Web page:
UNIVERSITY OF BUCHAREST
FACULTY OF PHYSICS

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2022-07-01 17:54

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Conference: Bucharest University Faculty of Physics 2019 Meeting


Section: Biophysics; Medical Physics


Title:
Monitoring the formation and repair of DNA double-strand breaks after irradiation with 60Co γ-rays


Authors:
Ştefan Adrian MINCIU (1), Tatyana BULANOVA (2), Elena KULIKOVA (2), Marcela Elisabeta BARBINTA-PATRASCU (1)


Affiliation:
(1) University of Bucharest, Faculty of Physics, 405 Atomistilor Str., PO Box MG-11, 077125 Bucharest-Magurele, Romania

(2) Joint Institute for Nuclear Research, Radiation Biology Laboratory, Joliot-Curie, 6, Dubna, 141980 Moscow region, Russia


E-mail
elipatras@gmail.com


Keywords:
DNA, ionizing radiation, double strand-breaks, confocal immunofluorescence, fluorescence microscopy


Abstract:
DNA is the informational biomolecule playing the central role in heredity, and its integrity and maintenance represent key factors for cell health. Among all of the lesions induced by chemical, physical or biological agents in the DNA molecule, the double-strand breaks (DSBs) are the most serious DNA lesions, being lethal to cells. In response to DSBs, the protein histone H2AX is phosphorylated at Serine 139 resulting in discrete nuclear foci (γH2AX foci) detectable by immunofluorescence microscopy. Another important DSB-responsive protein promoting repair of DSB is 53BP1 (p53 binding protein 1). Cells of higher eukaryotes developed different biological DSBs repair mechanisms (homologous recombination repair, classical non-homologous end-joining, alternative end-joining, single-strand annealing). In this work, DSBs were induced by subjecting human fibroblasts to ionizing radiations (60Co γ-rays). There is a close correlation between γH2AX foci and DSB numbers and so between the rate of foci loss and DSB repair. The formation and repair of DSBs was monitored by immunofluorescence microscopy of γH2AX and 53BP1 foci. This study can furthermore offer more information about cell response to induced deleterious lesions and give an overall look upon biological repair mechanisms.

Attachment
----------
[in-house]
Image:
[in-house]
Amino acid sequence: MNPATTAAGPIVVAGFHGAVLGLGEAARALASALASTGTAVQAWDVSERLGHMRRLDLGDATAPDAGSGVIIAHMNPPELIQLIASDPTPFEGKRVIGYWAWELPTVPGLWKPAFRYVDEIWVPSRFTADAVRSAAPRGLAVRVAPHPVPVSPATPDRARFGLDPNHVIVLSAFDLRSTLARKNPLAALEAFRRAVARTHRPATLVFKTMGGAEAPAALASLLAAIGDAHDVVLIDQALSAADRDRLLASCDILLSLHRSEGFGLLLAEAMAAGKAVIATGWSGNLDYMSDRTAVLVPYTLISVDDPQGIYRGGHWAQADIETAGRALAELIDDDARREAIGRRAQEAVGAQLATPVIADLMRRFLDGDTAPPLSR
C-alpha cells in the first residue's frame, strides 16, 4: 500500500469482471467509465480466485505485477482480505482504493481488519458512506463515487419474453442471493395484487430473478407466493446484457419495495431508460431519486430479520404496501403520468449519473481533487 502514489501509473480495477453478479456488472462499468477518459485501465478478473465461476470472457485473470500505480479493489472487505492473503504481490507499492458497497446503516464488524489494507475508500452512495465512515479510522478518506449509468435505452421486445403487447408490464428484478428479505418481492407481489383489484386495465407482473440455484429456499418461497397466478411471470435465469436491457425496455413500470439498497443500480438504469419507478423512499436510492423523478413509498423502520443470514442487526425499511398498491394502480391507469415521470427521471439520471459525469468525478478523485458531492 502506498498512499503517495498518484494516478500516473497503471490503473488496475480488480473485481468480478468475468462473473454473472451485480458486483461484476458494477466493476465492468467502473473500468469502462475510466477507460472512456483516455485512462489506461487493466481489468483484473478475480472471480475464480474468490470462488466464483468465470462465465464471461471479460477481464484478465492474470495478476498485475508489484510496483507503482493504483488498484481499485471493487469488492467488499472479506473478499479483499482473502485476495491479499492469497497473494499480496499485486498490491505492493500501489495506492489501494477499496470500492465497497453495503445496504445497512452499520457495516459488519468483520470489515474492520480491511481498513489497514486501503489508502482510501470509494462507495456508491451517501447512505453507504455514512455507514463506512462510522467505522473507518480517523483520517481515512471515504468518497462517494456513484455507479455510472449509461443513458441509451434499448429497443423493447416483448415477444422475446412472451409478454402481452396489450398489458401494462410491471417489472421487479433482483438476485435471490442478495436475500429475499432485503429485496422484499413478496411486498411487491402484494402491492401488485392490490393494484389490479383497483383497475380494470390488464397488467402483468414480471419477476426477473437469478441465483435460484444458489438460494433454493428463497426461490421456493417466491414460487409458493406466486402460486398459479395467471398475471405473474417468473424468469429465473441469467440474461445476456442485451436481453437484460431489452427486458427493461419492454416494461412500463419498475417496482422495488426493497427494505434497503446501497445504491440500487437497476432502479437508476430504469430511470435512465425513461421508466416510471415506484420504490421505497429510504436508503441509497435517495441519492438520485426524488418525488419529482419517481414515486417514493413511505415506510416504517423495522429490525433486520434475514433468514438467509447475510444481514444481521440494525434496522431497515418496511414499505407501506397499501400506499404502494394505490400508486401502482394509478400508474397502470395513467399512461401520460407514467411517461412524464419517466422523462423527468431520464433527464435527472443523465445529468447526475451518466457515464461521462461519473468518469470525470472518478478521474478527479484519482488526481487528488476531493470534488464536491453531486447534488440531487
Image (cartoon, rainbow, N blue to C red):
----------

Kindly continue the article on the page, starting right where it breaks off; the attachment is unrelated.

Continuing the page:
References:

[1] Popp, H. D., Brendel, S., Hofmann, W. K., Fabarius, A. Immunofluorescence Microscopy of γH2AX and 53BP1 for Analyzing the Formation and Repair of DNA Double-strand Breaks. J. Vis. Exp. (129), e56617, doi:10.3791/56617 (2017).

[2] Emil Mladenov, Simon Magin, Aashish Soni, George Iliakis, Seminars in Cancer Biology 37-38 (2016) 51–64.

[3] Markus Löbrich, Atsushi Shibata, Andrea Beucher, Anna Fisher, Michael Ensminger, Aaron A. Goodarzi, Olivia Barton & Penny A. Jeggo (2010) γH2AX foci analysis for monitoring DNA double-strand break repair: Strengths, limitations and optimization, Cell Cycle, 9:4, 662-669, DOI: 10.4161/cc.9.4.10764.

[4] Kinner A, Wenqi W, Staudt C, Iliakis G. γ-H2AX in recognition and signaling of DNA double-strand breaks in the context of chromatin. Nucleic Acids Res. Oct 2008; 36(17): 5678–5694.

[5] Lucie Jezkova1, Alla Boreyko, Tatiana Bulanova, Marie Davidkova, Iva Falkova, Stanislav Kozubek, Daniel Depes, Evgeny Krasavin, Elena Kruglyakova, Elena Smirnova, Olga Valentova, Mariia Zadneprianetc, and Martin Falk. Particles with similar LET values generate DNA breaks of different complexity and reparability: a high-resolution microscopy analysis of γH2AX/53BP1 foci 2017. „Particles with similar LET values generate DNA breaks of different complexity and reparability: a high-resolution microscopy analysis of γH2AX/53BP1 foci”. Institute of Biophysics of the Czech Academy of Sciences, Kralovopolska 135, 612 65 Brno, Czech Republic. p. 1-32.



Acknowledgement:
This research was supported by the Summer School 2018 at Joint Institute for Nuclear Research, Radiation Biology Laboratory; supervisors: PhD Tatyana Bulanova and PhD Elena Kulikova.